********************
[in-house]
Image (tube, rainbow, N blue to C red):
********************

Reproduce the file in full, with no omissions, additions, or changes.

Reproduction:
[in-house]
Image (tube, rainbow, N blue to C red):